The ad trade group Digital Advertising Alliance is urging the World Wide Web Consortium to pull the plug on its tracking-protection initiative, which aims to implement the do-not-track requests that users can send through their browsers.
“By wading into this public-policy matter, the W3C not only duplicates efforts undertaken by legitimate policymakers but also strays far beyond its expertise and mission,” DAA executive director Lou Mastria wrote to the W3C on Wednesday. He added that the DAA wants the Internet standards organization “to abandon this effort and to return to its mission of developing consensus around specifications for web technologies.”
Mastria's remarks come in response to the W3C's call for comments to its proposed definition of “tracking.”
Earlier this year, the organization tentatively decided that a “do not track” request will communicate that users don't want data about themselves collected by ad networks or other third parties. That definition doesn't affect the collection of data by first parties, like Amazon or The New York Times, according to Justin Brookman, who co-chairs the W3C's tracking protection group.
All of the major browser companies now offer a do-not-track setting, which was designed to enable consumers to opt out of online behavioral advertising -- or ads based on people's Web-surfing history. But those headers don't actually prevent companies from collecting data about users as they navigate the Web. Instead, the headers send a signal to publishers and ad networks -- which are free to decide how to respond to them.
Privacy advocates, industry representatives and computer scientists on the W3C's do-not-track group have spent the last three years trying to figure out how to interpret the signals. The effort has been marked by controversy and in-fighting, resulting in defections by high-profile members, including the DAA. (Even though the trade group no longer participates, it was free to submit comments about the proposed do-not-track definition.)
Mastria wasn't the only industry representative to weigh in on the matter. Other commenters took issue with the proposed definition of “tracking,” with several arguing that it gives large first-party publishers -- like Amazon -- an unfair advantage.
Max P. Ochoa, general counsel and chief privacy officer at the demand side platform Turn, said the proposed definition of tracking will result in “a dramatic concentration of market power in the hands of first parties that have shown themselves willing to collude to manipulate markets and are historically poor stewards of privacy.”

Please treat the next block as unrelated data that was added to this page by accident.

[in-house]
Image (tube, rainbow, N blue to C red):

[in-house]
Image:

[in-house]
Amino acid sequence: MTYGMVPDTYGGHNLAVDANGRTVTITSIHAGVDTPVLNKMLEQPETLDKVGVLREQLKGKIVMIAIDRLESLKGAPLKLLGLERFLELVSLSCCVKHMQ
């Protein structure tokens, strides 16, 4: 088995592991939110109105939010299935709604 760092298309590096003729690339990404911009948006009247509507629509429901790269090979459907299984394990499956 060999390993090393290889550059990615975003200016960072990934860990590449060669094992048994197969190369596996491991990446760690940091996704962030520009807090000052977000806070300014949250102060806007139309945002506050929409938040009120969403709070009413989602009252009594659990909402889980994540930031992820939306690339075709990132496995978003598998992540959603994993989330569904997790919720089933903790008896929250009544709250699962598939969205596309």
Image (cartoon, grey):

He pointed out that some first parties -- including Google and Facebook, although Ochoa didn't name them specifically -- were the subject of Federal Trade Commission enforcement actions alleging breaches of their privacy policies.
“We are the good guys,” he writes, adding that Turn and other ad networks and third parties don't draw on consumers' “personally identifiable information” -- meaning their names, addresses, telephone numbers and the like.
Some industry representatives also took the position that the whole concept of a browser-based header is flawed, given that browser developers and software companies can configure users' computers to activate do-not-track by default. Microsoft, for one, now turns on the do-not-track signal automatically for some Internet Explorer users.
The ad industry says that do-not-track signals set by default don't reflect a user's preference to avoid tracking across Web sites. But the industry also says there's no good way to distinguish between a signal set by a user and one set by a developer
“There’s no mechanism for anyone in the digital media ecosystem to trust any DNT signal they receive,” industry consultant Alan Chapell said in a post to the group. “As a result, the entire framework is open to question. In any other group, this issue would result in a full stop until the questions are addressed.”
Mike Zaneis, general counsel at the Interactive Advertising Bureau, added that companies could activate the signal in order “to be seen as 'competing on privacy.' "
Brookman says that he and the other chairs are meeting on Wednesday to discuss the feedback.